Juicy strawberries are the star ingredient in these vibrant chia seed puddings. Orange juice, plant-based milk, and a dash of maple syrup add extra flavor to the jammy berries, ensuring each bite is filled with heavenly flavor. The absorbent chia seeds create a thick, satisfying pudding after sitting in the fruit purée for a few hours, and topping each serving with fresh berries creates a delicious textural contrast. Enjoy a strawberry chia seed pudding for either breakfast or dessert, and feel free to get creative with your toppings as well—bananas, granola, or cacao nibs would all be delicious add-ons! 

For more inspiration, check out these tasty ideas:

By Nancy Macklin, RDN,


  • 6 cups sliced fresh strawberries
  • ½ cup orange juice
  • ¾ cup unsweetened, unflavored plant-based milk
  • ¼ cup chia seeds
  • 2 tablespoons pure maple syrup
  • 1 teaspoon pure vanilla extract


  • In a medium saucepan combine 3 cups of the strawberries and the orange juice. Mash until berries are coarsely chopped. Cook over medium until mixture has a jam-like consistency, about 20 minutes. Cool 15 minutes.
  • In a medium bowl whisk together milk, chia seeds, maple syrup, and vanilla. Stir in cooked strawberries. Cover and chill at least 3 hours or overnight.
  • Spoon pudding and the remaining 3 cups fresh strawberries into serving dishes or glasses.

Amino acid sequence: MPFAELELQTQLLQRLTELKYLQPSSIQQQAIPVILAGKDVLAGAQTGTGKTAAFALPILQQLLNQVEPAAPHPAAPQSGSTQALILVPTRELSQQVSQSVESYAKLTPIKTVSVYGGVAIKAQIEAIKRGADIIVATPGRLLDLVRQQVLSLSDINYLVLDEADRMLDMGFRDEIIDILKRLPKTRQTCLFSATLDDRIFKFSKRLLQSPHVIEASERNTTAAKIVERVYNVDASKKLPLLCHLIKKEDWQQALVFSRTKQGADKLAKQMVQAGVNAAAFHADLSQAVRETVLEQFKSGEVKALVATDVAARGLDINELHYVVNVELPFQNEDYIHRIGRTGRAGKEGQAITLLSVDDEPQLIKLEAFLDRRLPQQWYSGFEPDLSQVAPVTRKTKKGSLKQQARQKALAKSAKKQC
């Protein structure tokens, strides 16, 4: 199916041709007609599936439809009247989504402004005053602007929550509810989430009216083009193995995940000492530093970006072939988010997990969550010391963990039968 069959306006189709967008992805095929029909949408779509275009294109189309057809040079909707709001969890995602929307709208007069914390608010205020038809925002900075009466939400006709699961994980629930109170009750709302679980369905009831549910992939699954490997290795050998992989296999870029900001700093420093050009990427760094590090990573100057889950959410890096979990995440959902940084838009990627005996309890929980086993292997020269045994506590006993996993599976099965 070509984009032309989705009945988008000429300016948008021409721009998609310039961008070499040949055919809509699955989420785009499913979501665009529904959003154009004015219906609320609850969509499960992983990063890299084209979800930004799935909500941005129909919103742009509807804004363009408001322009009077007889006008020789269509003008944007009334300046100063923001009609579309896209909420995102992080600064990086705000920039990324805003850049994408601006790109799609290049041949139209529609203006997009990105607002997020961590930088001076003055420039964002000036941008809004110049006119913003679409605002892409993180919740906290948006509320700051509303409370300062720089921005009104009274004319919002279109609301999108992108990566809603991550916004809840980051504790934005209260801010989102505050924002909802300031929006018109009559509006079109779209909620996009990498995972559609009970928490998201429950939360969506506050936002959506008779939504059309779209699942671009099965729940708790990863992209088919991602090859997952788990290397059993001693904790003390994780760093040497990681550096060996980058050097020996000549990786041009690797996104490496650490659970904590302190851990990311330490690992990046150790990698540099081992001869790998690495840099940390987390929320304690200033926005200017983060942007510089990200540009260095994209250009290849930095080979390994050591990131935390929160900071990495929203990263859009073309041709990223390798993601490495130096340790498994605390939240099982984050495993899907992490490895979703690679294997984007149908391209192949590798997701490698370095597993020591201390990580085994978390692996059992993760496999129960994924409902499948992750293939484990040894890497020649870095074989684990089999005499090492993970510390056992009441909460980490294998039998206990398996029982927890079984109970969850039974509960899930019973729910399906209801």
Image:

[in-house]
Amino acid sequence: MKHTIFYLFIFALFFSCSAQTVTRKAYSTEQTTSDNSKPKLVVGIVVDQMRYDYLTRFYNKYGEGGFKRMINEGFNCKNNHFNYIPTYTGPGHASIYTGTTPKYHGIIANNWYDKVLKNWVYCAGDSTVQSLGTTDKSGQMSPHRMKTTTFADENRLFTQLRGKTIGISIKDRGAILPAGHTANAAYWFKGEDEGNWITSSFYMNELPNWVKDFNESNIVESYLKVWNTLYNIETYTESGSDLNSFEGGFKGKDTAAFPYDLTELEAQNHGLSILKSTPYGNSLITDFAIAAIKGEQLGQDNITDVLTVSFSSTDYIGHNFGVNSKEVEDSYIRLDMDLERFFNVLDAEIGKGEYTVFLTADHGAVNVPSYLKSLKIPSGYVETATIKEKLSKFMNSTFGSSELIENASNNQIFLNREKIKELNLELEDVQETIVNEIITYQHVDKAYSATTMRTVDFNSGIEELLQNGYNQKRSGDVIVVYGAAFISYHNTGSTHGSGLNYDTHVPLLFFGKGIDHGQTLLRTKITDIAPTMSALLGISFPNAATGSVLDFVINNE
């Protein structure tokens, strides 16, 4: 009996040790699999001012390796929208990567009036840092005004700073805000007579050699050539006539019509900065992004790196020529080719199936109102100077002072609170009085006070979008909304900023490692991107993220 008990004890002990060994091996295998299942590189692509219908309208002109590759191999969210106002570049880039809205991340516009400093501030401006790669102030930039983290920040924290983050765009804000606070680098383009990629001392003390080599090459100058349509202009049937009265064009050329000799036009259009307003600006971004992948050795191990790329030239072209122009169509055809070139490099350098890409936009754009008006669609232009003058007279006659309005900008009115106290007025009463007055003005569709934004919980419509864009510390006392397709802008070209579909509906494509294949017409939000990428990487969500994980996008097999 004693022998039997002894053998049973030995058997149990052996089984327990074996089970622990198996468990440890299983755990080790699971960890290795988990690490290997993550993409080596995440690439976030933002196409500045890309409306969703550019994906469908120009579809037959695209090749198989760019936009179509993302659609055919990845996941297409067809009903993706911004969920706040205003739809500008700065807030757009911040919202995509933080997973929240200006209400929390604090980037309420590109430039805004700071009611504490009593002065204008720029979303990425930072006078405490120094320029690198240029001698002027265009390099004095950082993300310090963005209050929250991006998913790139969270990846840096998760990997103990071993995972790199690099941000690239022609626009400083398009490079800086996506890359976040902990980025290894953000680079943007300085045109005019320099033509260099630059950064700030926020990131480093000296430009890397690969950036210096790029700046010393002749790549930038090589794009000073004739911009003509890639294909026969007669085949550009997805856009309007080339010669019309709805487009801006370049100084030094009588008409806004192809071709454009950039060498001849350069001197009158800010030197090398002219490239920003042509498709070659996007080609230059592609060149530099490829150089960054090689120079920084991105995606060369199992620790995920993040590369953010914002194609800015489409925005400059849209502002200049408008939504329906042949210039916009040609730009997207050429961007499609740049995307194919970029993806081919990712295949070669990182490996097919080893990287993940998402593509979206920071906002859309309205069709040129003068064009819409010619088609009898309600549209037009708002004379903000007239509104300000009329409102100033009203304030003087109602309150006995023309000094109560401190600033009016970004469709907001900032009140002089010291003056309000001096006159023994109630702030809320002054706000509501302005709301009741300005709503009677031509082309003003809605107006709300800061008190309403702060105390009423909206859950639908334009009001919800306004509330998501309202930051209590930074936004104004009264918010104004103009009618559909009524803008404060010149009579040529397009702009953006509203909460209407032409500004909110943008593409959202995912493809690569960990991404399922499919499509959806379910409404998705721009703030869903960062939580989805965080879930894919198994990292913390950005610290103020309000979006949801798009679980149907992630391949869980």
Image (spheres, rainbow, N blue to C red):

Comments (6)

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Pudding very good! Light, not too sweet! I used blood orange fresh squeezed juice. The color adds to strawberry color and helps counter the greying aspect of chia seeds


I wonder if frozen strawberries can be used? Fresh strawberries are not always available and if they are not organic, I do not purchase. This sounds delicious!

Lisa, Forks Over Knives Support

Hi Tricia, While we haven't tested this, it's highly likely that the pudding could be made with frozen strawberries, since they're doing to be cooked down anyway. The recipe calls for 6 cups of strawberries divided, with half being used to top the pudding. Using frozen strawberries on top of the pudding is a bit trickier: Frozen strawberries are too hard to bite into when frozen, and defrosted will lose their structure, which you may or may not like. You could use another fresh fruit to top the pudding, or try the defrosted frozen strawberries. Good luck. Let us know if you decide to try it!


This sounds delicious! You can simply omit the maple syrup if a less sweet recipe is preferred.

J Gee

There’s way too much sugar (1/2 cup OJ + 2 TBSP maple syrup) in this recipe to be healthy. Too much added sugar in what we consume is the cause of a lot of weight gain and illness. Please provide recipes that are more healthful from a sugar limiting perspective.

Gen T

I would just add water and a few dates in when cooking the strawberries. There. Less sugar. Done! 😃

About the Author

Headshot of Nancy Macklin

About the Author

Nancy Macklin, RDN

Nancy Macklin has a bachelor of science in dietetics from Iowa State University and a Master of Science in health services administration from the University of Saint Francis. Macklin worked as a hospital-based clinical dietitian, providing counseling for diabetes, heart disease, and weight loss and as a food service director in health care dining sites. She now serves as a test kitchen dietitian, developing 500+ recipes per year. She is a member of the Academy for Nutrition and Dietetics and International Association of Culinary Professionals. Find her on LinkedIn.
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